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Octopus-Inspired Phase-Changing Material Can Slip Through Tiny Spaces

The future of robotics might have just gotten squishier, thanks to a new phase-changing, octopus-inspired material from MIT.

ByKristen ClarkNOVA NextNOVA Next
An octopus's arms repel each other in order to avoid getting tangled.

The future of robotics might have just gotten squishier, thanks to a new phase-changing material from MIT. Made cheaply from items you could buy at a craft store, the material can shift between rigid and soft states on command—meaning it may one day be used to create robots that can squeeze underneath collapsed buildings, or even travel through your blood stream.

Annette Hosoi of MIT and her former engineering graduate student, Nadia Cheng, initially set out in hopes of finding a material that could act like an octopus—capable of deforming itself to pass through through tight crevasses, but still strong enough to exert a force on its environment.

Up until now, the right material had been elusive. Take a bowl of Jell-O, as Hosoi uses to explain the problem: you can squeeze Jell-O into just about anything, but good luck using it to pick up a hammer, or to open a window. But with a little of foam and wax, Hosoi and her colleagues were able to squeeze past the problem.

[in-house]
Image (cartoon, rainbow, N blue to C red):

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Here’s Evan Ackerman, writing for IEEE Spectrum:

The MIT approach (which we like to call on-demand squishiness) involves taking a material or structure that’s inherently soft and modifying it with another material that can phase change between hard and soft states. In this case, MIT is using a scaffold made of foam that’s been coated with wax. Wax, being wax, transitions between solid and liquid at a relatively low temperature. When the wax is cold and solid, the foam structure is rigid, but if the wax is heated to soften it, the entire foam structure becomes soft as well.

The researchers also demonstrated that by selectively deforming parts of a structure, they could create joints and make the structure move using a cable (as seen in the video). We’re guessing that as a next step several of these deformable structures could be combined to create a robot that can crawl and squeeze into tight spaces.

Another big advantage of the wax/foam composite material is that it heals itself. If it fractured, an operator could simply target the affected area with heat, and the break would smooth right over.

Tiny, squishy robots might one day be able to navigate through the human body, administering medicine without causing damage to other tissues. Swap out the wax for something a bit stronger, like solder, and a phase-changing robot could be indispensible in rescue situations—deforming to crawl under piles of wreckage, then springing back to a rigid state to clear the rubble from the inside.

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Photo credit: MIT

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